The Washington Post has acquired the Pentagon Papers, the New York Times is gagged, powerful men are against her – will Katharine Graham do it? Will she risk her newspaper’s future, her friendships and allegiances, her family’s legacy? Most important, will she find her voice? The climactic scene in Steven Spielberg’s Oscar-nominated The Post gets the full Meryl Streep treatment. So far in the movie we have seen Graham ignored, interrupted and silenced. She hesitates, fumbles, is uncomfortable in her clothes. The scene suggests that we are witness not only to the victory of a free press, but also the coming into being of a powerful woman.

Spielberg has said that he made The Post because of ‘the current climate of this administration, bombarding the press and labelling the truth as fake if it suited them’. I went to watch it looking for comfort and reassurance from a Hollywood movie in which the good woman wins. There is something unsettling, however, about being reassured in troubled times. You feel lied to. By showing us such a clear victory for the press, the film suggests that the struggle is over and dealt with: we can go home and forget, even feel nostalgic for the Nixon era. But there is something else about the film more pernicious than its romantic portrayal of a good woman fighting the good fight in a simpler time.

One of the production companies behind the movie is Twentieth Century Fox, part of Rupert Murdoch’s Fox Entertainment Group, which also owns Fox News, Donald Trump’s preferred network. Another is Reliance Entertainment. Its chairman is Anil Ambani, the billionaire son of the late business tycoon Dhirajlal ‘Dhirubhai’ Ambani. The family is among the most powerful in India, with close ties to politicians of all persuasions. And the history of its relations with the publishing industry may appear at odds with the message of The Post. A 1998 biography of Dhirubhai Ambani, The Polyester Prince by Hamish McDonald, didn’t go on sale in India. In 2014, Anil Ambani and his brother Mukesh demanded an ‘unconditional public apology’ from the writers of Gas Wars: Crony Capitalism and the Ambanis, accusing them of defamation. News websites across the country recently withdrew their negative coverage of a speech given by Mukesh’s son Anant.

Dhirubhai Ambani made his fortune in textiles, but his sons’ interests now range across a number of industries, from telecoms to natural resources. Reliance Entertainment and Reliance Power, which runs coal and gas projects, are subsidiaries of the same conglomerate. Some of the most urgent conflict in India is around the mining, acquisition and processing of natural resources. The extraction and processing of coal, bauxite and iron in Madhya Pradesh, Odisha and Chattisgarh poses a threat both to the ecological diversity of the regions and the rights of local populations.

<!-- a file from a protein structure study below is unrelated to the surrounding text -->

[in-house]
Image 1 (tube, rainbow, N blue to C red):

More recently the Ambanis have been investing in media companies. It is now the case in India that, as the journalist P. Sainath has pointed out, ‘the owners of the corporations that own and control media have been the biggest beneficiaries of … privatisation of public resources.’

The political intimidation and brute force that have accompanied the privatisation of natural resources in India have also found their way into journalism. According to the Reporters without Borders World Press Freedom Index, India is ranked 136 out of 180 countries. A number of journalists have been killed.

Women often pay a greater price, suffering sexual harassment and virulent internet trolling in addition to death threats. After she published a story on a right-wing Hindu organisation’s involvement in child trafficking, Neha Dixit faced online harassment as well as a court case. The murder of Gauri Lankesh remains unsolved.

Right-wing intimidation is certainly different from the ways in which the Ambanis undermine a critical press. But they both contribute to what the Hoot, a non-profit media watchdog, last year called an ‘overall sense of shrinking liberty’.

The Post is meant to celebrate those who speak up, but its producers have contributed to a culture in which the freedom of the press is devalued, and journalists are unsafe. In this light, the hopeful scene in which Graham leaves the Supreme Court in triumph, to be greeted by a line of women, looks like a whitewash.